To the first point – since when is proper stewardship of scarce public dollars gauged by the degree to which other cities have been fleeced?

To the second point – this notion of corporate wealthfare “paying for itself” always is a non sequitur; if the public subsidy pays for itself, why should the public pay at all (other than purchasing tickets)?

To the third point – if there’s “no shortage of demand,” why does this endeavor require a public subsidy?

Speaking of the forthcoming resumption of British Airways’ Pittsburgh-London flight – in April 2019 — Allegheny County officials continue to play volleyball in producing documentation to support the claim that the flights will have a local economic impact of $57 million.

The office of Allegheny County Chief Executive Rich Fitzgerald could not produce the study when queried Friday last. That’s despite the fact that Fitzgerald ballyhooed the number during the July 25 announcement.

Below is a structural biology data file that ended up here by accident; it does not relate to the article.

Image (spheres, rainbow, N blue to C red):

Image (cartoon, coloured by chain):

His office hit the ball over to the county Airport Authority where, once again, a spokesman could not readily produce any documentation to support the claim.

He said the authority’s “air service person” had the information and it would be had this week.

Five days later (as of Wednesday morning), the requested documentation had yet to be produced.

One would think that such a centerpiece claim of grand economic impact would be not only quantifiable but readily available.

Curiously, when Nashville landed a similar British Airways flight nearly a year ago – flights that began this past May — for a like-$3 million in public subsidies, officials there touted an economic impact of $103 million.

The Nashville Post reported that the economic impact number came from – drum roll, please –British Airways.